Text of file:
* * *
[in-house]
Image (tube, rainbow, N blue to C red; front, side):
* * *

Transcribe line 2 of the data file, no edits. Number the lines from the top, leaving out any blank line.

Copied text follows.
Image (tube, rainbow, N blue to C red; front, side):